GOP lifts sanctions on Roach
Republican State Sen. Pam Roach is once again the center of attention in Olympia, this time because a GOP-controlled panel has lifted sanctions that barred her from having direct contact with Senate staff.
Seattle Times Olympia bureau
State Sen. Pam Roach is once again the center of attention in Olympia, this time because a GOP-controlled panel has lifted sanctions that barred her from having direct contact with Senate staff.
The action, taken Tuesday night by an obscure panel called the Facilities and Operations Committee, removed the last remaining sanctions against Roach that were put in place in 2010 because of her alleged abusive treatment of a former Senate staffer.
The panel, which oversees Senate staff, has declined to turn over certain documents requested by The Seattle Times about the case. And it has launched an investigation to find out who leaked a report to the media last week about new allegations against Roach, a Republican from Auburn.
Democrats on the committee are in revolt, saying they disagreed with the decisions to lift the restrictions and to investigate the leak.
“We considered the sanctions put in place in 2010. She was supposed to get some counseling and have a plan of action … There is no evidence that she (Roach) has done any of that,” said Sen. Karen Fraser, D-Olympia, a member of the panel. “That concerned all three of us.”
The committee’s move came a day after Republicans took control of the Senate for the first time in eight years with the help of two Democrats, Sens. Rodney Tom of Medina and Tim Sheldon of Potlatch. They have a 25-24 vote majority and cannot afford to lose even one coalition member.
“It just looks like it’s part of the deal to put this new majority together,” Fraser said of the decision to lift the sanctions.
Tom said the sanctions were not lifted against Roach in exchange for her joining their ranks.
“I wouldn’t do a deal,” he said. “It’s been almost three years since the incident that started it all. So at some point it’s time to move on. She’s ready to move on and so are we.”
Asked if she would have dropped out of the coalition if the sanctions weren’t lifted, Roach said, “When everyone is the 25th vote, everyone needs to be satisfied.”
She was also appointed chairwoman of the Senate Government Operations Committee.
Roach was sanctioned in 2010 after an internal investigation found she had created a hostile work environment by berating a Senate attorney, Mike Hoover. Her caucus sent her a letter noting she’d violated Senate workplace policy “on numerous occasions” dating back to 1998.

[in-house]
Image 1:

The letter went on to say that Roach had “demonstrated an ongoing pattern of treating ... co-workers and employees with hostility and anger. As your fellow Senators, it is difficult to be in a room with you when you erupt in anger. For our employees it is unacceptable.”
As a result of the investigation, Roach was banned from the Republican caucus and barred from direct contact with staff and counsel. Roach disputed the allegations.
The caucus softened its position on Roach last year when Republicans took control of the Senate budget, with the help of three conservative Democrats. Roach was allowed back into the caucus shortly before that happened.
Hoover, a former Senate attorney, filed a $1.75 million tort claim against the state when Roach returned to the caucus. The case was settled last fall. Hoover got no money, but the settlement reaffirmed the Senate’s commitment to a respectful workplace and to promptly investigate complaints. It also reaffirmed the 2010 sanctions against Roach barring her from direct contact with staff.
Hoover on Wednesday said he was disappointed by the decision to remove the sanctions and considers it “a violation of the settlement with me.”
“More importantly I’m afraid for their staff,” he said. “They have a problem over there, and pretend like they don’t.”
The Associated Press reported last week that Roach violated Senate policy in March by verbally attacking a Senate Republican staffer. The AP quoted a report that was compiled by a subcommittee created last summer solely to investigate incidents involving Roach.
Tom said the report was preliminary and not public record. The Facilities and Operations Committee has launched an investigation in the leak.
Counseling or training
In 2010, the committee said the sanctions against Roach would be lifted “upon completion of a plan for counseling or training that is submitted by Senator Roach to the Secretary of the Senate for review and approval by the committee.”
Tom said the committee believed those requirements were fulfilled.
Democrats on the committee disagreed. “The information that was provided to me did not indicate that the terms of the restrictions had been met,” said Sen. David Frockt, D-Seattle.
In an interview Wednesday, Roach said she has gone through the same respectful-workplace training that all other senators have gone through in recent days, but nothing else.
“Everybody is doing it, not just me,” she said.
She disputed the allegations raised in the AP report, saying they were not true and sounded relieved that the sanctions were removed.
“Hopefully the persecution is over,” she said.
When asked why she’s been the subject of so many disciplinary proceedings over the years, Roach said it was because “someone on the Republican side wants me out of office.”
Andrew Garber: 360-236-8268 or firstname.lastname@example.org